Friday, July 19, 2019

July update: Italy, Mushrooms, composting

Here are some pictures from what we've been doing recently. It's been a busy few months, with me traveling more than usual, and now it feels like we're able to gradually settle more, and prepare for the larger spring garden (I usually like gardening in winter because we don't need to water, but the mole rats' put their tunnels much higher and end up eating everything, so this winter has been really hard vegetable wise). We've also been experimenting with microgreens, with a boon of expired lettuce and spinach seed we acquired (usually the expense of seed is a major reason not to do microgreens in South Africa). We have a consistent system set up for the chickens and ducks with barley grass, and we're eating spinach and lettuce microgreens, and thinking of selling some.

Noah is really into mushroom identification (and where possible, eating) at the moment.

Not edible but very beautiful.

discovered an old phone can play radio...

I got to see my high school roommates in Milan, then present at a conference in Prato. It was one of those unique once-in-a-decade opportunities to reset. I have the best high school roommates in the world.

On the (very hot) train.


vegetable garden. Getting ready for a big spring garden.

Tiny baby mole rat. Relocated to the mountain. Within the general theme of failing as farmers: We're breeding mole rats. Great.
River construction in midwinter.

The kids love watching the geckos climb all over the blinds.

Catching tadpoles...

Mushroom identification
We're getting ready for goats... well sortof. We're taking it pretty slow and doing some serious composting in their pastures, using it as a way to feed chickens as we prepare for goats in about a year's time.

Thursday, July 11, 2019

Where your local food is connected to your waste stream

Our little farm gets gardening waste from a local gated community, and a surprising amount of plastic waste comes along for the ride. Dog poop, cat litter— all things that can’t be composted safely in a small farm system (and also can’t be composted at the local dump). I wonder how this came to be. As I pull bits of plastic and dog poop out of the pile while I’m building it, I feel tired, sad and worried.

It got me thinking about where our food comes from, and how things are connected in surprising ways. When we try to buy local food, these connections are all the more apparent. I’d argue even when we’re eating non-local food, the connections are there in significant ways.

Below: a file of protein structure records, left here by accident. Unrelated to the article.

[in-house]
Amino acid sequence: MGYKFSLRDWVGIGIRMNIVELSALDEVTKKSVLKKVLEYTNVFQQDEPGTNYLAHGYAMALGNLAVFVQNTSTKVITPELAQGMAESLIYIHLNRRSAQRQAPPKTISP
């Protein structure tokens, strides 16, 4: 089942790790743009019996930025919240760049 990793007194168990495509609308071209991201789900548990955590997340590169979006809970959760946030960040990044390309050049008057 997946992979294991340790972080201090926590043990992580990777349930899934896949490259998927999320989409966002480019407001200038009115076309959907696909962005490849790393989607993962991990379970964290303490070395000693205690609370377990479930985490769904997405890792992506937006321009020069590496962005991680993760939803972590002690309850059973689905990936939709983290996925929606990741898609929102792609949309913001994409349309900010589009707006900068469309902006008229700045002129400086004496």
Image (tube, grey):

The primary different between organic and non-organic farming, relates to the soil, and thus to the scale of the farm. If a farm is using inorganic fertilizers, it’s a lot easier to scale up because you can calculate and purchase the exact number of kilograms of N-P-K you need for your farm, and it’s basically infinitely scalable until your soil is destroyed or gets blown away. That is, while fossil fuels are cheap and plentiful: so not forever. The quality of that fertilizer, and the food chain in general, is important-- we have fairly good evidence to say that food that is grown on poor quality soil is not as nutritious.

Attention to soil health and to the circular nature of all our existences is a central driver for farming and a central driver for small scale farming. Soil health is what keeps organic farms small, if labor is valued correctly.

So when it comes to organic operations, it’s not simply that we don’t use pesticides (often the focus of people’s interest.). It's all about the soil: we require fairly vast quantities of compost. For example, our small 1 acre (probably only ½ acre actively cultivated) farm makes 15- 20 tons of various kinds of compost a year.

Getting this compost adds either a very significant cost or a tremendous amount of labor, depending on one’s circumstances, and I wanted to talk a bit about this process, and how it relates to the cost of vegetables and fruit, as I think organic produce is still hugely undervalued and unsustainable at the prices you often see— at least in the sense that it is impossible to adequately value the labor of workers at the current costs. 

Right now people are willing to pay more to avoid pesticides— which has reached the public consciousness as important. That is, I am not sure we have not necessarily made the connection back to soil health, or to hugely increased labor costs, or to relatively smaller farm sizes, and the ways these are valuable and important, but not accounted for in a free market economy.

When I think of leveraging for change at the local level, I feel it may be valuable to keep picturing, imagining, enacting a different economy. This is what we do, to an extent, when we sell our produce for the same price as the supermarket: we say, perhaps we are the ones who have been given much and so are also the ones who can sacrifice a little. Or maybe we are simply going along with market economics where consumers are overwhelmingly the beneficiaries: you get to have your organic cake and eat it too.

Anyway, back to the compost story:

Firstly, in a highly specialized farm there is more likely to be waste. In a family farm with a little of everything, all the parts can stand a reasonable chance of working together. For example, waste from the kitchen can be cycled through the small number of chickens, whose waste is an asset, not a toxic waste. Tree branches and leaves are similarly an asset, not a waste product. In a family scale farm, the family is eating what you are eating- we have every incentive to grow the best possible food we can. In a smaller scale business, the success of the staff are up close and personal, not distanced from our reality.